USD Drifts Amid Thin Trade, QE Speculation- Volume To Offer Clarity

By Michael Boutros, Currency Strategist

The greenback is fractionally softer at the close of North American trade with the Dow Jones FXCM Dollar Index (Ticker: USDOLLAR ) off by 0.10% on the session. The losses come on the back of another sell-off in stocks which reacted to Friday’s disappointing NFP print. Expectations for the addition of 205K were grossly overestimated with the data coming in at just 120K for the month of March. Although the unemployment rate ticked down to 8.2% from 8.3%, the decline can largely be attributed to discouraged workers leaving the labor force which in turn puts downside pressure on the unemployment rate. While the data is by no means justification for further Fed easing, speculation of another round of easing has limited dollar advances in the interim despite the broad-based risk sell-off seen in US trade today. By the close of trade in New York all three major indices were sharply lower with the Dow, the S&P, and NASDAQ off by 1.00%, 1.14%, and 1.08% respectively.

The dollar continues to trade within the confines of an ascending channel formation with the index testing trendline support just ahead of the close. While our medium-term bias on the greenback remains weighted to the topside, again we note that dollar advances may be limited in the interim as whispers of further Fed easing weigh on demand for the reserve currency. The correction may gather pace with a break below channel support eyeing key daily support targets at the 61.8% Fibonacci extension taken from the August 1st and October 27th troughs at 9945 and 9900. A break below this level coupled with a break below RSI support negates our bias with such a scenario eying the 50% extension at 9950.

An hourly chart shows the index trading within the confines of a newly formed descending channel formation with the dollar rebounding off soft support at 9975. Subsequent intra-day floors are seen at the 61.8% extension at 9945, former channel resistance and 9900. A topside break of the channel alleviates some of the pressure with topside resistance targets seen at 10,040, 10,060, and the 78.6% extension at 10,080. Look for the dollar to possibly drift lower before mounting its assault with dips in the index offering favorable long entries.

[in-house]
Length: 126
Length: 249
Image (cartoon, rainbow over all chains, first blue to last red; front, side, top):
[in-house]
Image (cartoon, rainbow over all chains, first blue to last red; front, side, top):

The greenback fell against all four component currencies highlighted by a 0.21% decline against the British pound. Despite the sterling’s pullback off the 1.60-figure, our medium-term bias remains cautiously weighted to the topside with the daily chart offering a clearly defined ascending channel formation dating back to the January 13th low. We favor buying into sterling weakness noting that a break below the 23.6% Fibonacci extension taken from January 13th and March 12th troughs at 1.5775 negates our interim bias. The Japanese yen was the weakest performer of the lot with an advance of just 0.02%. The yen quickly pared early losses that saw the pair dip as low as 81.19 before rebounding to close just below interim resistance at 81.60. For complete USDJPY scalp targets refer to today’s Winners/Losers report .

Tomorrow’s economic docket is rather light with only business/economic surveys and the February wholesale inventory report on tap. However with European markets coming back online tomorrow for the first time since NFPs printed last Friday, investors will be closely eyeing equity performances with concerns over China now coming more into focus. Chinese CPI data last night topped expectations with the year on year print coming in at 3.6%, missing calls for a read of just 3.4% y/y. The data comes off a previous print of 3.2% y/y a month earlier and suggests that price growth in China may be gathering pace, limiting the PBoC’s scope to further ease policy. As concerns about a possible “hard landing” in China take root, look for risk to remain on the defensive with traders eagerly anticipating GDP data out of China this Friday. The dollar’s future hangs in the balance with the index likely to trade within a tight range ahead of key trade balance and inflation data later this week.

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---Written by Michael Boutros, Currency Strategist with

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